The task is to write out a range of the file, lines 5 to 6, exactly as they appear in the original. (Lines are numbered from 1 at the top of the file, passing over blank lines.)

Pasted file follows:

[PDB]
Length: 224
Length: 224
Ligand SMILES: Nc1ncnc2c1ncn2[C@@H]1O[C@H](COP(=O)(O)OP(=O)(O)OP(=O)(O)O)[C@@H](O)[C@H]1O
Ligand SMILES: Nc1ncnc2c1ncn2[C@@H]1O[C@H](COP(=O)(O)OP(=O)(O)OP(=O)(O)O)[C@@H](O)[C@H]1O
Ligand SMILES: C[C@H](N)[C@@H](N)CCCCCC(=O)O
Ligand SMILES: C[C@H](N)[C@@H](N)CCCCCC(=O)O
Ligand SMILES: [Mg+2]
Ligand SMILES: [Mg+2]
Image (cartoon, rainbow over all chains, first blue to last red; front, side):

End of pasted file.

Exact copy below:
Ligand SMILES: Nc1ncnc2c1ncn2[C@@H]1O[C@H](COP(=O)(O)OP(=O)(O)OP(=O)(O)O)[C@@H](O)[C@H]1O
Ligand SMILES: C[C@H](N)[C@@H](N)CCCCCC(=O)O